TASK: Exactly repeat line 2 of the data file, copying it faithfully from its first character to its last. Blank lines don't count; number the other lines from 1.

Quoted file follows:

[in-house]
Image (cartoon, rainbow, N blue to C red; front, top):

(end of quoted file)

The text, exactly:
Image (cartoon, rainbow, N blue to C red; front, top):